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SCaRRob - A UKSEDS Olympus Rover Trials Entry

Throughout my time at University, I have been heavily involved in our Space Society and have led multiple teams entering the UKSEDS Olympus Rover Trials competition. This competition, organised by UK Students for the Exploration and Discovery of Space (UKSEDS) aims to inspire students to pursue careers in the space industry, especially in the areas of engineering and robotics. The competition's mission this year was to design rovers capable of collecting small cylindrical sample canisters. This is a scaled-down version of the mission the Rosalind Franklin Rover will perform. The rovers are limited to a 5kg mass, and the competition is held at Airbus’s Mars Yard Facility. Following this, the rovers must survive a simulated rocket launch vibration test at RAL Space.

I opted to build an individual entry for the competition as my final year project for my mechanical engineering degree. I was keen to apply the lessons learnt from previous years into a more refined solution. Primarily I sought to minimise the rover’s size, equip it with a more advanced payload system, and improve the off-road mobility.

For the rover’s arm, a multi-degree of freedom design was constructed from 3D printed linkages, and operated via servos, with a claw end effector. The arm has 2 primary linkages with an elbow link allowing it to rotate 360 degrees. The “hand” is also articulated about its wrist and has a Pi Zero Cam as the rover’s vision mounted to it for clear viewing of the canisters. The arm translates left and right using an IGUS slide rail and is driven by a servo-operated rack. Upon collecting a canister, the arm folds back allowing it to be stored in the hopper.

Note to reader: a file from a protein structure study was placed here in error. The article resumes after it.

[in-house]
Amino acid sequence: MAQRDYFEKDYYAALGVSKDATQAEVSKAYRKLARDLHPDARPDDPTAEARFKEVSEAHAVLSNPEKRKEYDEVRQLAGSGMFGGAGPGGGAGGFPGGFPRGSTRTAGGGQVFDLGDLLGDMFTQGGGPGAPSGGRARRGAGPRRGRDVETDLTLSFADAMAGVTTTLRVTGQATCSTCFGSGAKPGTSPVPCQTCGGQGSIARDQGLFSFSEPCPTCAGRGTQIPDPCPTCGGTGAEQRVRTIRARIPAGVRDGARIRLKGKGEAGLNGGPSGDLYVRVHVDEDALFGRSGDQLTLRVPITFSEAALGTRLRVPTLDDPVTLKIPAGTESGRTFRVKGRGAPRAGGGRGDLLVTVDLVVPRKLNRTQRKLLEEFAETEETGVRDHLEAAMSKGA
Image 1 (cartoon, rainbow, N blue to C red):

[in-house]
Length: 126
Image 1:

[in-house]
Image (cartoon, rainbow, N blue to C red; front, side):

Olympus Rover - Displaying Arm

The rover drives on a 4x4 wheeled arrangement. Mounted in the centre of the rover is an aluminium U channel to which 4 motors mount. The aluminium channel provides the mounting point for the vibration test and so reduces the number of primary load-bearing components by attaching the motors directly to the base, thus saving mass. Power is transmitted from the motors via bevel gears and then timing belts to the wheels. Suspension is provided via a simple swing arm arrangement which can be constructed to be very durable for the vibration test. The swing arms articulate around the driven shafts with the timing belts running along the inside. This is a very compact arrangement with minimal modes of failure. Once again, the suspension arm utilises IGUS bearings, where the lubricant-free assembly will be ideal in the sandy environment.

Olympus Rover - rugged terrain

The rover is primarily constructed out of 3D printed parts and laser-cut acrylic to a modular design. To the rear mounts an electronics box containing a Raspberry Pi Zero 2 and motor and servo control boards. In front of this is the battery compartment, and at the front the payload system mounts. This is constructed on an acrylic base so can easily be swapped out for different missions and design revisions, all fitting within a rectangular envelope.

One concern for rovers with lots of moving parts such as arms or suspension is how they will fare in the vibration test. However, the rover has been designed so that as it is bolted down, the swing arms move up against bump stops locking them down. The arm moving up also stops any lateral motion of the arm, and with the help of a locking plate secures it firmly down.

Later in the summer, I’ll post an update to this once the rover is built and tested, and hopefully get some design guides and code made available too.

Firstly, I’d like to thank the University of Bath for their support of me throughout this project. Secondly IGUS for supplying me with their bearings. But finally, RS Grassroots Student Project fund made this possible, and so a final massive thank you to them.

Olympus Rover - driving across surface

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